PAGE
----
Money & Banking

The cost of default: Greece set for tough decisions ahead

NS Vageesh Mumbai | Updated on January 24, 2018

BL14_Euro_sign_gold.jpg   -  tuulijumala/

It is a distant memory now. But, the sight of a beleaguered Greek PM, negotiating with creditor nations to stave off the prospect of a total collapse, would have reminded many of how close India was to a similar situation.

It was the troubled days of 1991 as India tottered both politically and economically. India had two successive weak governments from 1989-91. The economy had been battered by the oil price hike following the first Iraq war, collapse of export markets following the fall of the USSR and unsuccessful price control attempts by the VP Singh government.

The successor government of Chandra Shekhar rested on shaky foundations. India was headed for a balance of payments disaster and our forex reserves were down to even less than a billion dollars by the summer of 1991.

RBI’s struggles

It was left to the Reserve Bank of India to do the heavy lifting. The then RBI Governor S Venkitaramanan and some top finance ministry officials went across to various top central banks of the US, Japan, Britain and Germany to buy breathing time. Predictably, they drew a blank.

As he once remarked, when you go with a begging bowl, the treatment is completely different. There were a number of sights that had to be swallowed – for instance, being made to wait outside offices, or appointments given after great reluctance. Even the traditional protocol of the Governor being received by his counterpart was given the go-by and only junior officials met him to read out tough conditions.

All the platitudes that countries mouth frequently about eternal friendships, respect for civilisations, partnership of democracies, etc, were just that – hot air. When it came to the crunch, everyone said, “Show me the money”.

India had to pledge 47 tonnes of gold to get emergency accommodation from the IMF and other central banks. This had to be sent to the Bank of England in London and the UBS in Zurich on their insistence, despite political and reputation risk. There was no other option after the IMF turned down a plea to hold the gold in India itself.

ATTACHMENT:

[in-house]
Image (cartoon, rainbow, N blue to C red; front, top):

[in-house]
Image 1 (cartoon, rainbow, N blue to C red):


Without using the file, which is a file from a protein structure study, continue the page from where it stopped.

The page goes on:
That pledge fetched India an emergency accommodation of about $1.7 billion from the IMF and another $1 billion from Germany, Japan and other countries. Soon after, a new government under Narasimha Rao took over and economic reforms were launched.

Challenges for Greece

Greece today is in that situation. Its fellow EU neighbours have agreed to another bailout package – which has come at a cost. As some argue, conditions are stiff and practically amount to a ‘transfer of sovereignty’. To get this funding through, Greece has to pledge €50 billion worth of assets to a new fund.

And just as our creditors in 1991 had demanded that the gold be sent to England, these creditors have demanded the fund be based in Luxembourg.

That condition may have been relaxed and the location retained in Athens as part of the latest agreement.

But mind you, all these conditions are only for the emergency lines of credit. The sacrifice that Greece has to make still lies ahead. That may include everything that India had to do – pledge resources, get bridge loans, extend maturity of short-term loans, sell off government assets, reform taxation, cut pensions, open up the economy for foreign investment, and recapitalise banks, among others.

What happens to a borrower, which has lived beyond its means and not repaid loans is evident – that’s part of our chequered history. There’s a lesson in all this – paying back is costly; not paying back is costlier.

Published on July 13, 2015

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